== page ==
Oscar Dunne Her Wrong
February 9, 2015
This post is my contribution to the 3rd Annual 31 Days of Oscar Blogathon, hosted by Once Upon a Screen, Outspoken & Freckled and Paula’s Cinema Club. It runs Feb. 2-24 and there are many, many participants. Please visit any of the three sites to expand your Oscar knowledge!
Irene Dunne enjoyed a career on screen that lasted from 1930-1952. Her reign began a bit differently and later than most: Hollywood beckoned after she had a successful run on the stage in several musicals, Broadway and otherwise. At the time, she was 32, though studio records fudged her birthday a few years to make her 26, and she had graduated college and was on her way to becoming a teacher when a music scholarship sidetracked her and led her to the theater. Instead of working her way up through bit parts like many other movie stars of her time, Dunne exploded onto the scene with her turn in 1930's Cimarron, which was only her second role on the big screen.
Irene Dunne, looking like a fresh-faced 20 year old, when she was actually in her early 30s.
Dunne racked up five Oscar nominations during her two active decades on screen. Aside from someone like Greer Garson, who made her film debut at 35 and earned six Academy Award nominations (out of a total of seven) in seven years, I'd say that number of nods beginning at a 'late' age over a 'shorter' career is quite rare. Additionally, as Wes Gehring points out in his biography Irene Dunne: First Lady of Hollywood, the films Dunne was recognized for span a wide variety of genres, from Westerns (Cimarron) and screwball comedies (1936's Theodora Goes Wild and 1937's The Awful Truth) to romances (1939's Love Affair) and family dramas (1948's I Remember Mama). The range of genre nominations reflects Dunne's extraordinary depth and diversity as an actress.
Nomination 1 - Cimarron (1930)
Though Dunne's talent on the screen was still unproven at this time (her first film, 1930's Leathernecking, flopped), if there was any doubt as to her ability, it would be laid to rest with her performance in Cimarron. Dunne's role as Sabra required her to age four decades and tackle a range of emotions as she heroically takes control of her family when her husband leaves her and eventually becomes a successful Congresswoman (27-28).
What appears to be a Swedish poster for Cimarron.
That year, Dunne's opposition included Marlene Dietrich (Morocco), Ann Harding (Holiday), Norma Shearer (A Free Soul), and winner Marie Dressler (Min and Bill). Since the Academy tends to favor heavier dramas and epics today, it's interesting to look back at their choices when the show was still in its infancy; after all, Dressler's performance in Min and Bill, along with Harding's, clearly dipped into comedic territory, a genre often overlooked during awards season today. I really enjoyed Dietrich's sultry performance and Shearer's free-spirit, but it's Dunne's deft handling of such an intricate and emotionally (not to mention physically) evolving role this early in her career that stands out in the pack (and in the otherwise dated picture).
After Cimarron, Dunne booked roles in a string of pre-codes, including 1931's Consolation Marriage, 1932's bizarre Thirteen Women and 1933's terrific Ann Vickers (which I think she should have been nominated for), among many others. She also ventured into melodrama territory with films such as 1935's Magnificent Obsession, but by the mid-30s, Dunne found herself in a dramatic rut, one that she remembered years later she wanted to break out of. Luckily for her, musicals came to the rescue, though it's a bit ironic that Dunne never caught the attention of the Academy in this genre, especially since her voice was by and large what brought her to Hollywood. Within a few years in the mid-30s, she appeared in 1934's Sweet Adeline, 1935's Roberta (with Astaire and Rogers, though Dunne received top billing), and 1936's Show Boat.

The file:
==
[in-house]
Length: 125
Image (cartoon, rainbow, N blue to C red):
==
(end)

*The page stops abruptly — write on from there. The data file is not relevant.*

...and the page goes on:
Nominations 2 and 3: Theodora Goes Wild (1936) and The Awful Truth (1937)
Even with hints of her comedic ability shining through in some of her earlier outings (as far back as the 1931 short The Stolen Jools, in fact), as legend goes, Dunne was so terrified of accepting her screwball fate that she actually left town to duck the lead role in Theodora Goes Wild. Gehring quoted her: "I tried every way to get out of doing it. My husband and I even sailed off to Europe. But when I came back, the studio was right there to meet me, script in hand" (38). Thank goodness she gave in, because Dunne proved a natural in the form, bringing a ladylike, down to earth quality (mixed with occasional pathos, of course) that was rarely present in other screwball outings (71).
In Theodora Goes Wild, Dunne goes from small town girl...
...to sophisticated, vampy looking (here) scandalous author.
Dunne kicked off the era working with Leo McCarey, a director she quickly became close with and adored, in Theodora Goes Wild (1936), which won her the second of five Oscar nominations. Within the next few years she appeared in The Awful Truth (1937), Joy of Living (1938), and My Favorite Wife (1940). Today, comedy performances are very rarely bestowed Oscar nominations, let alone wins, so the fact that Dunne was nominated twice in a row for both Theodora Goes Wild and The Awful Truth is quite remarkable. The only other comedic turn up for consideration those two years was Carole Lombard's in My Man Godfrey (1936).
Dunne with director Leo McCarey (who won the Oscar for Best Director for this film) and co-star Cary Grant in The Awful Truth.
Interestingly, the two consecutive years Dunne lost out for both Theodora Goes Wild and The Awful Truth are now historic, in her category in particular, because newcomer Luise Rainer became the first person to win back-to-back Oscars those two years. The first film Rainer won for, The Great Ziegfeld, which clinched the Best Picture award as well, is generally considered the weaker of Rainer's two wins, but The Great Ziegfeld is 1. a biopic about 2. entertainment, so those could perhaps provide some clues. Other nominees that year included Norma Shearer (way too old in Romeo and Juliet), Carole Lombard (My Man Godfrey) and Gladys George (Valiant is the Word for Carrie). Without having seen Valiant is the Word for Carrie (has anyone?!), and with the benefit of knowing the future, I'd be split on giving this award to either Dunne or Lombard, the latter for her perfectly daffy yet delightful performance.